Friday (May 15) was my first Recognition Day, an annual event where faculty and staff who have served the college for 5, 10, 15, 20, 25 and 30 years are honored, as are retirees and Emeritus faculty and staff. The President’s Meritorious Service Awards are also presented at Recognition Day, and were won by Kathy Limoges (secretary in the School of Business and Liberal Arts Deans Office) and Randy Sieminski (Director of Athletics). Between the various awards, several “name that tune” competitions were held between faculty and staff, featuring tunes that would have been popular in the year they started working at SUNY Canton. The final round was between Ron O’Neill (representing the staff) and me (representing the faculty). Recognition Day was a really upbeat time and lots of fun.
On Wednesday, May 13, the College had a Farewell Reception for David Gerlach, our Vice President for Advancement, who will be leaving SUNY Canton after 30 years to become the President of Lincoln College in Illinois. The Reception was packed with people wishing Dave well, including former college President Earl MacArthur, during whose administration Dave both graduated and was first hired. Later that evening, a dinner was held for Dave and his wife Lisa, during which Randy Sieminski presented a powerpoint “roast” featuring some of Dave’s greater (and more dubious) moments on campus. Thanks for a great 30 years, Dave, and we only wish you the best at Lincoln!
Off to Boston and then Albany
On Saturday (May 16), the family and I hopped in the car and took off for Boston for my cousin Danielle’s Bat-Mitzvah. Going to Boston from Canton is a real pleasure, because the ride is so beautiful. After driving on US 11 to Rouses Point (a small village north of Plattsburgh) through some nice North Country scenery, you cross into Vermont on a scenic bridge at the north end of Lake Champlain.
You can pick up I-89 soon thereafter, but I usually go through the Lake Champlain Islands on US 2 instead, since it is only about 20 minutes longer that way and the route is so scenic, with nice lake views on both sides of the road. Picking up I-89 a bit north of Burlington, it’s very pretty mountain scenery all the way through Vermont and northern New Hampshire. We checked into our hotel in Nashua, NH, and after resting for an hour, took off for Newton, MA where the Bat Mitzvah was held.
Danielle is the younger child of my 1st cousin Ifat Bejerano, who is in turn the oldest child of my Aunt Dina (whose proper name is Alexandrina—wow!), my mother’s youngest sister. My Aunt Dina and Uncle Ze’ev had come over from Israel for the event, and my sister Drorit had joined us, flying up from Houston. Danielle did an outstanding job at the ceremony and with her speech. The party afterwards was great too.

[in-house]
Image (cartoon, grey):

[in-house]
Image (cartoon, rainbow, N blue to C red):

L-R: Yaniv Bejerano (father), Stav (brother), Danielle, and Ifat (mother)
On Sunday, we went to Ifat’s house for a family brunch, and then got back on the highway, driving to Albany. After dropping me off at my hotel for the upcoming SUNY Presidents Meeting, the rest of the family drove back to Canton.
On Monday, I met with Senator Patti Ritchie to discuss things going on at the College. It was a beautiful day in Albany, so after the meeting I took a tour of the State Capitol building (which I had never done before—it’s well worth seeing).
Flag used to wrap President Lincoln’s casket on his funeral train–on exhibit at the State Capitol.
I then took a walk up to the main park, where there’s a cool statue of Moses and a lot of tulips were in bloom. After enjoying the park and sunshine for a while, I ambled down to Lark Street for a (you guessed it!) Indian buffet for lunch. I spent most of the rest of the day doing paperwork on my computer in the hotel room.
Tuesday began with an early morning meeting with Assemblymember Addie Russell to discuss what we’re doing at the college, followed by a quick hop down to SUNY central for the Presidents Meeting. Most of the meeting was focused on how we can increase graduation rates and attract more students to SUNY, to try to meet the Chancellor’s goal of increasing the number of graduates to 150,000 per year. After the main meeting, the “new” presidents then met for an afternoon session on how the New York and SUNY budget process works, which was very enlightening. SUNY Potsdam President Kristen Esterberg was kind enough to give me a ride to the airport (I had no car—the family had taken it back to Canton on Sunday, remember?), and I caught the 6:15 flight to Ogdensburg, with my father picking me up there to come home. Whew—talk about exhausted!